AUSTIN (KXAN) — Priced out. Those two words ring true for many longtime Austinites, especially generations of families who grew up in the heart of east Austin.
Picture Austin in 1940. The precursor to Interstate 35 separated west from east — and concentrated the city’s Black residents in the eastern portion of the city.
The story of how the city has grown is, at times, a sordid tale of what city officials now describe as racist policies, soaring home prices and gentrification that pushed entire communities out of the city.
These maps tell the story of a demographic shift in Austin. The purple represents the Black population, fading through the decades.
Changes through the years, like higher home prices and a new, diverse landscape led to a shrinking African-American population in the state’s capital, while other fast-growing cities in the United States saw more Black people moving in.
Bringing displaced families home
In 2021, the City of Austin is unveiling a new plan to bring back displaced families to the place they once called home.
“I’m emotionally connected to east Austin — that’s home,” Ambres Kearney fondly remembers. “Mr. Jones’ Barbershop … businesses all up and down, and you knew these people because you went to church with them or grew up with their kids. It was just a community.”
The east Austin Ambres Kearney and Vickey Wilson James remember has slowly faded away. Streets lined with coffee shops, restaurants and high-priced condos were once home to thriving Black-owned businesses and homes.
“It was home and all the people of my same color were there,” James said. “It was just dirt roads then and that was the only section of town they would allow Blacks in.”
Much of that was by design, dating back to the city of Austin’s 1928 master plan.
The city’s government created what it labeled a “Negro district” in east Austin. The purpose (according to page 57 of the plan): “that all facilities and conveniences be provided the negroes in this district, as an incentive to draw the negro population to this area. This will eliminate the necessity of duplication of white and black schools, white and black parks, and other duplicate facilities for this area.”
The policy had lasting impacts.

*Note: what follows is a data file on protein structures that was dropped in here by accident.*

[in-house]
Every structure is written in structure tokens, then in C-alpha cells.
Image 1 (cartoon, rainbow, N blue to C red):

“I remember seeing a sign that said, ‘Black Land’ and we were on the east side of I-35,” James said. “All of that was considered Black land, all the way to Airport Boulevard.”
As the years passed, the landscape changed. Housing costs went up. James says homes on her street that were priced in the $200,000 range almost tripled in less than a decade.
Many families started to move to places like Manor and Pflugerville. Kearney and James did.
“We were priced out,” James explained. “When families die, the kids have the home and they can’t afford the taxes.”
This 2018 city council resolution aimed to address just that: “intense development pressures and gentrification” leading to the displacement of long-time Austin residents.
As part of the resolution, the Mayor’s Institutional Racism and Systemic Inequities Task Force encouraged the City to adopt Portland, Oregon’s criteria for bringing former residents back. The resolution also directed the City Manager to propose a preference policy creating affordable housing units based on generational ties to the City.
In 2021, those words are turning into action. Nefertitti Jackmon is the city’s community displacement prevention officer.
“That preference policy, really what it does is it provides preferences for people based upon the household size, based upon whether they have a disability, based upon whether or not they are income-eligible. And then also based upon their generational ties,” Jackmon explained.
If a person applies and qualifies, they could end up in one of 28 city-owned properties that fall under the policy. These properties are owned through the city’s Community Land Trust. Those who qualify could be placed in a rental or could buy a home on one of these properties. KXAN is waiting to learn what those properties are.